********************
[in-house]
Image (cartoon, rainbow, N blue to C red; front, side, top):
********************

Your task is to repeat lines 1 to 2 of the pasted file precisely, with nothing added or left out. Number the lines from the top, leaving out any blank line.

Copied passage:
[in-house]
Image (cartoon, rainbow, N blue to C red; front, side, top):